From 800-year-old trees to endangered butterflies and slugs that jump (!), Washington is home to an amazing diversity of life. Support from our generous members is helping us protect these creatures and the lands and waters where they thrive. Browse the features below to learn more about our work.
Check out our Feature Archive for even more stories.
Check out our Slideshow Archive for our collection of slideshows.
Check out our Video Archive to enjoy our collection of videos.
Forest manager Kyle Smith checks in with an update on the salmon run at Ellsworth Creek Preserve.
Francis Wood likes to go where the wild things are, and he wants to make sure others can do the same. That’s why he gives.
There’s little consensus about how to explain the return of pink salmon, but lots of joy in the experience.
Put a smile on your face and help The Nature Conservancy when you shop on AmazonSmile!
Cutting your own tree from a local Christmas tree farm is a great experience, and a great choice.
The Magdalena River is the lifeblood of Colombia, but what can it teach us about life on Puget Sound?
Three new floodplain restoration projects will improve Washington's rivers for salmon and for people.
Four Tacoma teens joined The Nature Conservancy in Washington for adventure, conservation and fun.
The hip-hop duo talk to All Hands On Earth about on growing up in Seattle's outdoors.
This paddle through British Columbia and Washington maintains a tradition that goes back thousands of years.
Mary Ruckelshaus marries a passion for nature and scientific expertise to lead Washington's Board of Trustees.
The Nature Conservancy is more committed than ever to improving the health of our eastern Washington forests. Learn how we are protecting forests
The Skagit River provides 30 percent of the fresh water flowing into Puget Sound. Learn more about the floodplains of Puget Sound
Spring is the time to marvel at Washington's avian splendor. Celebrate birds in Washington
We've collected fun features, videos and activities you can enjoy all about Puget Sound. We're celebrating our collaboration with the Seattle Opera on Heron and The Salmon Girl, an opera for young nature and music lovers. Explore the Sound
World Water Day is March 22, and this month is all about water! Get to know your H20
Thousands of migratory shorebirds flock to the Skagit and Stillaguamish deltas every year, now an important site in the Western Hemisphere Shorebird Reserve Network. Read more and see a slideshow
See the latest from our staff photo club and submit photos of your own!
Here's a bouquet that will never fade! Satisfy your love of nature with this flower slideshow, featuring macro (super close up!) photography by Robert Rotella. Learn about Robert Rotella and his photos
We honor Sylvia Peckham, of Seattle, who left us a generous gift in her estate plan. Her love of nature shined throughout her life.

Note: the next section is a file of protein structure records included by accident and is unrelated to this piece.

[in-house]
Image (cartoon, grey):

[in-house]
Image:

Be an active advocate this January during Washington's legislative session. Learn how to speak up for nature
Meet the Washington chapter's new state director in this Q&A. Learn about Mike Stevens
Restoring a tidal marsh for fin and fowl. Learn more
Match what you spend in coffee each month with a donation to nature.
Can conservation aid vampires on the Washington coast?
Cedars, Spruce and Firs get some space with the help of two tough loggers
Learn how the Conservancy is helping the Quinault Indian Nation support salmon in the Quinault River.
Restoring a tidal marsh for fin and fowl.
Exploring coral reef conservation in Bali with the Coral Triangle Center.
The Taylor Bridge Fire burned more than 36 square miles before being fully contained.
The Conservancy's GIS Specialist in Washington shares stories from her Chilean adventure.
Artist David Dickinson shares how and why he captures the Pacific Northwest on canvas.
Follow four Tacoma teens during their summer with the Conservancy.
Making habitat for salmon and protecting farmland.
Coastal Tribes Host Climate Conference in DC.
Catch up with our 2011 LEAF interns.
Latin American conservationist spends a year in Washington.
How circuit theory can preserve room to roam for Washington wildlife.
Love is in the air – and the water, and on land.
From year-round residents to rare visitors, winter brings white wings to Washington.
Protected: wildlife habitat and public access on 10,386 acres of forest.
Barry and Darlene Bidwell have been volunteering for more than two decades.
View a slideshow and see how beautiful Washington is in the winter.
Winter brings hundreds of bald eagles back to the Skagit.
Helping aquatic wildlife by removing “ghost nets” and other hazards.
In the Skagit River Delta, we're working with farmers to create new habitat for migratory shorebirds.
Our feature stories are penned by Conservancy staff members Robin Stanton, Jeff Compton, Jocelyn Ellis and Katherine Sather.
Please contact us with any questions.